Even before the war the British Government cold-shouldered approaches from German opposition groups which had plans for Hitler’s overthrow. These groups judged that no coup and no new regime could succeed unless it had a guarantee of support from the Western democracies. It can be argued that the British and the Americans were quite right to be stand-offish: the various conspiracies were either suspect or hopeless or both. The counter-argument is that if the Allies had backed the Halder/Witzleben plot in 1938, they could have prevented the war; and if they had supported Trott and his group in 1944, they could have shortened it. So the weight of responsibility (and guilt and shame) to be shifted one way or the other is tremendous. Trott was the plotters’ foreign affairs specialist and their chief emissary to the Allies: the question of how good a Good German he was therefore affects the issue of where the blame should fall or how it is to be apportioned.

In 1968 Christopher Sykes published a biography of Trott called Troubled Loyalty. It is a sympathetic and moving work, protective and sometimes even defensive about Trott. All the same, some people thought, and still think, that it was unfair because it made him too much of a nationalist and failed to recognise how early he had been a committed and active anti-Nazi. Sykes followed up the book with an article about the German opposition in Encounter. In June 1969, again in Encounter, David Astor attacked both the article and the biography in a piece called ‘Why the revolt against Hitler was ignored’. A controversy developed in the pages of Encounter and elsewhere; it has been going on intermittently ever since, and Giles MacDonogh’s book is part of it.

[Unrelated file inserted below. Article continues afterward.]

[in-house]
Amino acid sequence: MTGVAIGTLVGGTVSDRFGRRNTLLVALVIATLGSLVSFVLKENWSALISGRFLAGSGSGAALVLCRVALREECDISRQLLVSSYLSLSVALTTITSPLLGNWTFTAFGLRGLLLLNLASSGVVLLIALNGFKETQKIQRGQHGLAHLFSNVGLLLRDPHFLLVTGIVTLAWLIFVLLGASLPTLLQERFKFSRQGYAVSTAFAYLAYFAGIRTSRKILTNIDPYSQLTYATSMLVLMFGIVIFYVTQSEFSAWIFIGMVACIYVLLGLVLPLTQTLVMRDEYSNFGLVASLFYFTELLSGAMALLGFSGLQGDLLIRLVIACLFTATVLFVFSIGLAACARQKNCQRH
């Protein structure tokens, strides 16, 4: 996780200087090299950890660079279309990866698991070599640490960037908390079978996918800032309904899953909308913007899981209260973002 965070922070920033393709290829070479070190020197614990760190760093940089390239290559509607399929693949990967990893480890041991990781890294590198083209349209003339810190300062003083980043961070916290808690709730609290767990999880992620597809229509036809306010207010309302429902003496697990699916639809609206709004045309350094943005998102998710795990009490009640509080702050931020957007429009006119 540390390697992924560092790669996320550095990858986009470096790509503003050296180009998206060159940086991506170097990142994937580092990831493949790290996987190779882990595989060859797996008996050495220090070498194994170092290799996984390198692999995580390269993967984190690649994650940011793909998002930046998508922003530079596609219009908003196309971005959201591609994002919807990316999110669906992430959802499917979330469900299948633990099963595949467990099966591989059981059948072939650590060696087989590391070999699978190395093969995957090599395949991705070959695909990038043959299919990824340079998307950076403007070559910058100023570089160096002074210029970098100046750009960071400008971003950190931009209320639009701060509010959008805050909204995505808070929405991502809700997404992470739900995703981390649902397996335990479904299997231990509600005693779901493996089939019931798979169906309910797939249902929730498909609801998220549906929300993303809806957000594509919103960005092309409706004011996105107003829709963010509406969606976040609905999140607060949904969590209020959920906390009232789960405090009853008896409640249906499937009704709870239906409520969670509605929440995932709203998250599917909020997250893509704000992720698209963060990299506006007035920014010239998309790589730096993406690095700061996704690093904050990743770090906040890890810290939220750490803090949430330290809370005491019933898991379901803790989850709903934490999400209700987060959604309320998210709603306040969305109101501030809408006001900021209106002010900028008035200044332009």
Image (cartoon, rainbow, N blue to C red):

No one today doubts that Trott was a hero and a martyr. He risked his life by his treasonable démarches in England and America before the war, and in Sweden, Switzerland, Holland and Turkey during it. He knew the death he faced would be peculiarly horrible. What he did he did for his country. He was a patriot. But was he also a nationalist? Grant Duff thought so, and their friendship came to grief over their differences. But the line between patriotism and nationalism is not so easy to draw, especially for a post-Versailles German. Trott was only 19 when he first came to England in 1928, and only 35 when he died. His views changed and developed. He thought of himself as a social democrat and did not particularly admire Western capitalism. He wanted the classes to be equal, but his own to govern because it had a tradition of governing and public service. The British liked to think of the Prussians as a sabre-rattling lot of bullies: the Prussians’ own idea of Prussianism was service to the state. The generals and the upper classes as a whole were not rabid Nazis. Their relation to Hitler was a bit like that of the Wets to Mrs Thatcher: they went along with him reluctantly, deploring his manners and his ethics. Trott wanted Germany to be reinstated as an equal with other nations. He believed that she had something special to offer as das Land in der Mitte – the country in the middle of a Europe which he hoped would be a federation of states. In a memorandum smuggled to Cripps in 1942 he spoke of ‘the final overcoming of European nationalism’. Still, Trott had written his German doctoral thesis on Hegel, supposedly the father of German nationalism. Sykes devotes quite a lot of space to Hegel’s influence on Trott. Twice, at least, he asserts, with the utmost regret, that Trott was, at certain stages and in certain ways, a nationalist. And yet the drift of his book seems to deny it.